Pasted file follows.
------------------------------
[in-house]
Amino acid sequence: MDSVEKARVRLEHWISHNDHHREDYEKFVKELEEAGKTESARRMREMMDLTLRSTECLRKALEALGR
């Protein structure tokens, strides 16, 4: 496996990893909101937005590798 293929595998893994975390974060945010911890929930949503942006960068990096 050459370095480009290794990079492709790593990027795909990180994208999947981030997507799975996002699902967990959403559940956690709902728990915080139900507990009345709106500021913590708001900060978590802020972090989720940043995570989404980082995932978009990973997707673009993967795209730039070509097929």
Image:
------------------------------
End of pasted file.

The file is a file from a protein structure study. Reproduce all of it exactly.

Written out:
[in-house]
Amino acid sequence: MDSVEKARVRLEHWISHNDHHREDYEKFVKELEEAGKTESARRMREMMDLTLRSTECLRKALEALGR
């Protein structure tokens, strides 16, 4: 496996990893909101937005590798 293929595998893994975390974060945010911890929930949503942006960068990096 050459370095480009290794990079492709790593990027795909990180994208999947981030997507799975996002699902967990959403559940956690709902728990915080139900507990009345709106500021913590708001900060978590802020972090989720940043995570989404980082995932978009990973997707673009993967795209730039070509097929």
Image: